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The Montana Democratic Party and the campaign committee of U.S. Sen. Jon Tester filed a lawsuit against Montana Secretary of State Christi Jacobsen and Commissioner of Political Practices Jeff Mangan Tuesday challenging a new state law that restricts on-campus voter registration and signature gathering activity.

The complaint, filed in federal district court in Missoula, alleges that Senate Bill 319 imposes “arbitrary, vague, and onerous restrictions” on college students’ rights to engage in political organizing efforts and political speech. The bill, which overcame bipartisan opposition to pass the Legislature in April, was amended in the final days of the session to bar political committees from conducting voter registration and signature gathering efforts in campus dining halls, dorms and athletic facilities. Gov. Greg Gianforte signed the bill into law on May 12.

Supporters of the amendment claimed during the session that the ban was necessary to protect students from being exploited for political causes. Opponents decried the provision as a direct assault on the Montana Public Interest Research Group, a nonprofit that promotes student political engagement at the University of Montana, and as a threat to young people’s ability to register and vote. Tuesday’s lawsuit echoed the latter argument, noting that Montana’s 2020 election saw record-breaking voter turnout especially among young voters — a result it partly attributed to successful mobilization efforts conducted by the plaintiffs and other organizations.

“The Student Organizing Ban is a surgical attack on successful organizing efforts and increased political power of Montana’s youngest voters,” the complaint says. “By targeting only university residence halls, dining facilities, and athletic facilities, the Legislature made clear its intent: preventing young, newly enfranchised Montanans from participating fully in the political process.”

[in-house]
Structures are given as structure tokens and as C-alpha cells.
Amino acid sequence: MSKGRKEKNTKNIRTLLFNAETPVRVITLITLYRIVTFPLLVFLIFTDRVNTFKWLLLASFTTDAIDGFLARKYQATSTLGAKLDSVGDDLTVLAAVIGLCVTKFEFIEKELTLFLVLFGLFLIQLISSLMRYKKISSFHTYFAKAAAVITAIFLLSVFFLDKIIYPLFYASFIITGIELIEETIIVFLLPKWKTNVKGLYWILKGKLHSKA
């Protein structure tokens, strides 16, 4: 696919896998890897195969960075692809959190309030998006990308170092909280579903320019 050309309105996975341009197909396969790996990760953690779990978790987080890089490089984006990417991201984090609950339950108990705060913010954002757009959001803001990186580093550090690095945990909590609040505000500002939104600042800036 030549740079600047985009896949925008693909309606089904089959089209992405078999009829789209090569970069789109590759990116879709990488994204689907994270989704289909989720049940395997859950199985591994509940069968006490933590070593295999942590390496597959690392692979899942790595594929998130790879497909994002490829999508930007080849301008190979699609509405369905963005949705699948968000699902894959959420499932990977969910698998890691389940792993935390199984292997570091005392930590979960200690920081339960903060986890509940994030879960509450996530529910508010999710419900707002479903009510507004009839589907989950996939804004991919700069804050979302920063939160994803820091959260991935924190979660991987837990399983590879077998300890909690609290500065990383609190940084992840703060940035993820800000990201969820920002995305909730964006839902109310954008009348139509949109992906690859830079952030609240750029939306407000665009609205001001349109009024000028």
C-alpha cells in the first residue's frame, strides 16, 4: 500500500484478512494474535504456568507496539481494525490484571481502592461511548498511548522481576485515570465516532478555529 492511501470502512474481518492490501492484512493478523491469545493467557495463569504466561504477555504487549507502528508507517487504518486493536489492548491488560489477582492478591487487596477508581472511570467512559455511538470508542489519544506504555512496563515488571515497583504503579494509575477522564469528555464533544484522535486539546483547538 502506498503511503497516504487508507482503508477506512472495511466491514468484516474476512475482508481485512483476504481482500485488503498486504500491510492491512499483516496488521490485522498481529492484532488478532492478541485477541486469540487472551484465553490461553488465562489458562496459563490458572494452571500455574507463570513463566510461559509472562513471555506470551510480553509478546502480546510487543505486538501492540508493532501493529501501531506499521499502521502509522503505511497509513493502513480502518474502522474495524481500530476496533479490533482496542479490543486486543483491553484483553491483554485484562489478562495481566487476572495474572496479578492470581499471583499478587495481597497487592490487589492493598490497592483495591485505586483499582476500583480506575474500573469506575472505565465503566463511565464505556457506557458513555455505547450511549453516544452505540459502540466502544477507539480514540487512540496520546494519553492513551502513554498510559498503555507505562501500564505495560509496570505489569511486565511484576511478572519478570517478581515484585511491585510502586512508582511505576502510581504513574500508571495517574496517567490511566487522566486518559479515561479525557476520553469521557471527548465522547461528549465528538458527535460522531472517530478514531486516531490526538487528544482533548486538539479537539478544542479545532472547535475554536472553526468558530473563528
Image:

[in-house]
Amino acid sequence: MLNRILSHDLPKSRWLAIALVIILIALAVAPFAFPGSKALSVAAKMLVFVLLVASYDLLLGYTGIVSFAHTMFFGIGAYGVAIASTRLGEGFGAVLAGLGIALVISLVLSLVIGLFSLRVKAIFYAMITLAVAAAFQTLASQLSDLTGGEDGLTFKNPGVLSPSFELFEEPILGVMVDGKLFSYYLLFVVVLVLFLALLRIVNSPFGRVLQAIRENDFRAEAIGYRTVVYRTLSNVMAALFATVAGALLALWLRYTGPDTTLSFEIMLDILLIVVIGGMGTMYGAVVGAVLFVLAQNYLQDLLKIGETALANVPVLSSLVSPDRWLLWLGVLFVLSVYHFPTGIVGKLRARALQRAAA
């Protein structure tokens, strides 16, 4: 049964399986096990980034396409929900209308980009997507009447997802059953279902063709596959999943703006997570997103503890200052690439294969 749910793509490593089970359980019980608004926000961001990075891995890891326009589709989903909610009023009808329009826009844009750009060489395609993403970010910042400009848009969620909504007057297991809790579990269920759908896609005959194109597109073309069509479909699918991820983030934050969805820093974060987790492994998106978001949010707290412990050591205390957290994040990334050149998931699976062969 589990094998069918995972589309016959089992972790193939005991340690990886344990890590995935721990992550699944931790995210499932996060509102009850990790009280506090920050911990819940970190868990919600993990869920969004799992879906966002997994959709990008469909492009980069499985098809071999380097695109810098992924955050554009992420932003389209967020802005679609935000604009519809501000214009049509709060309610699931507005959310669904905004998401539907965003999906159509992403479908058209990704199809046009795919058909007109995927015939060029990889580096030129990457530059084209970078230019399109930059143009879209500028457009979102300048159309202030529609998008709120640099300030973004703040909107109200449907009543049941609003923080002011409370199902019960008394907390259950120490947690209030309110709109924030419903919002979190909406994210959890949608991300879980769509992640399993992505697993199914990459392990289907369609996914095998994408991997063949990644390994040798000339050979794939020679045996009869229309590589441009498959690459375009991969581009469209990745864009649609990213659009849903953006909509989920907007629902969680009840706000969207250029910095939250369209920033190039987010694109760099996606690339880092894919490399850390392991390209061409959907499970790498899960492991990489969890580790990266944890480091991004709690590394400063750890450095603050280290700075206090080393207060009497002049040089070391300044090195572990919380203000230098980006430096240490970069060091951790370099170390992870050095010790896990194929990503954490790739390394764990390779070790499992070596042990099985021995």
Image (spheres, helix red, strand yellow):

Jacobsen’s office did not immediately respond to a request for comment.

In addition to the Montana Democratic Party (MDP) and Montanans for Tester, the lawsuit names as a plaintiff Macee Patritti, a UM student and former MDP student intern who participated in a voter registration effort on the Montana Tech campus in 2020. The plaintiffs are represented by the Helena-based Meloy Law Firm and by the Elias Law Group, headquartered in Washington, D.C. and Seattle, which is currently involved in numerous legal challenges to new Republican-passed election laws across the country. The complaint asks the court to declare SB 319 unconstitutional and bar Jacobsen and Mangan from enforcing it.

SB 319 faces a separate legal challenge filed in Lewis and Clark County District Court by the nonprofit Forward Montana, which promotes youth civic engagement around the state. Another lawsuit, filed in Gallatin County District Court by the Montana Federation of Public Employees, MontPIRG and a coalition of individuals and university faculty associations, challenges the constitutionality of four bills passed this session including SB 319. That complaint lists Gianforte and Attorney General Austin Knudsen as defendants.

The state Democratic Party is also the lead plaintiff in a lawsuit against Jacobsen in Yellowstone County District Court. That lawsuit challenges three other election administration laws passed this spring that ended same-day voter registration, imposed more stringent photo identification requirements on voters and restricted certain mail ballot collection activities.

This story was updated Oct. 13, 2021, to note that the lawsuit filed in federal district court in Missoula is the third — not the second — that challenges Senate Bill 319.

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Alex Sakariassen is a 2008 graduate of the University of Montana's School of Journalism, where he worked for four years at the Montana Kaimin student newspaper and cut his journalistic teeth as a paid news intern for the Choteau Acantha for two summers. After obtaining his bachelor's degree in journalism and history, Sakariassen spent nearly 10 years covering environmental issues and state and federal politics for the alternative newsweekly Missoula Independent. He transitioned into freelance journalism following the Indy's abrupt shuttering in September 2018, writing in-depth features, breaking...